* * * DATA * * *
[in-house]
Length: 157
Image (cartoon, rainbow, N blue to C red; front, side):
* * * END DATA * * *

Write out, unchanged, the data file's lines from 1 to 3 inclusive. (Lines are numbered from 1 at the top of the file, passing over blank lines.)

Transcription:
[in-house]
Length: 157
Image (cartoon, rainbow, N blue to C red; front, side):